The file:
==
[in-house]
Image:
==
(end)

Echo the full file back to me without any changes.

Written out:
[in-house]
Image: